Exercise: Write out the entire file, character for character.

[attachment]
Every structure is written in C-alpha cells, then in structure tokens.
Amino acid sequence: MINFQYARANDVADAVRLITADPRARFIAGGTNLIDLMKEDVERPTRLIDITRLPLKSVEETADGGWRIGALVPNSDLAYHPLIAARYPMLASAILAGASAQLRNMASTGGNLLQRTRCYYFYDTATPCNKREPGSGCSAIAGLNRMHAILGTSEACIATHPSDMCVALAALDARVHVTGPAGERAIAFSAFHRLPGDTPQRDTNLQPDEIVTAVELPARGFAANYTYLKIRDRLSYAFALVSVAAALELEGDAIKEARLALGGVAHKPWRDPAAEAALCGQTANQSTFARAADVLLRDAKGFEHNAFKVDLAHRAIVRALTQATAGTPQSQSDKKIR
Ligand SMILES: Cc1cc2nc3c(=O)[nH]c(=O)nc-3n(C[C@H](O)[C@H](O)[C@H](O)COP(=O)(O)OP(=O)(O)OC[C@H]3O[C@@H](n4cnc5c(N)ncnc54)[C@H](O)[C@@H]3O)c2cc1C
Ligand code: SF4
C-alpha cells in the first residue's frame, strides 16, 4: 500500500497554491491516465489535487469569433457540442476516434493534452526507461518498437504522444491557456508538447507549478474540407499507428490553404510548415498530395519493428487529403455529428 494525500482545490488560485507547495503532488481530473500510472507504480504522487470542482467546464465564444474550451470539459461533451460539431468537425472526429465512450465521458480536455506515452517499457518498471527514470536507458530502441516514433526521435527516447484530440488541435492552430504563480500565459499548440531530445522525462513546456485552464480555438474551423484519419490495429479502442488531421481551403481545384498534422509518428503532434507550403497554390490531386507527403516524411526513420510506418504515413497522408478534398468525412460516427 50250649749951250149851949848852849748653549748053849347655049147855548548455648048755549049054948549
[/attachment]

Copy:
Every structure is written in C-alpha cells, then in structure tokens.
Amino acid sequence: MINFQYARANDVADAVRLITADPRARFIAGGTNLIDLMKEDVERPTRLIDITRLPLKSVEETADGGWRIGALVPNSDLAYHPLIAARYPMLASAILAGASAQLRNMASTGGNLLQRTRCYYFYDTATPCNKREPGSGCSAIAGLNRMHAILGTSEACIATHPSDMCVALAALDARVHVTGPAGERAIAFSAFHRLPGDTPQRDTNLQPDEIVTAVELPARGFAANYTYLKIRDRLSYAFALVSVAAALELEGDAIKEARLALGGVAHKPWRDPAAEAALCGQTANQSTFARAADVLLRDAKGFEHNAFKVDLAHRAIVRALTQATAGTPQSQSDKKIR
Ligand SMILES: Cc1cc2nc3c(=O)[nH]c(=O)nc-3n(C[C@H](O)[C@H](O)[C@H](O)COP(=O)(O)OP(=O)(O)OC[C@H]3O[C@@H](n4cnc5c(N)ncnc54)[C@H](O)[C@@H]3O)c2cc1C
Ligand code: SF4
C-alpha cells in the first residue's frame, strides 16, 4: 500500500497554491491516465489535487469569433457540442476516434493534452526507461518498437504522444491557456508538447507549478474540407499507428490553404510548415498530395519493428487529403455529428 494525500482545490488560485507547495503532488481530473500510472507504480504522487470542482467546464465564444474550451470539459461533451460539431468537425472526429465512450465521458480536455506515452517499457518498471527514470536507458530502441516514433526521435527516447484530440488541435492552430504563480500565459499548440531530445522525462513546456485552464480555438474551423484519419490495429479502442488531421481551403481545384498534422509518428503532434507550403497554390490531386507527403516524411526513420510506418504515413497522408478534398468525412460516427 50250649749951250149851949848852849748653549748053849347655049147855548548455648048755549049054948549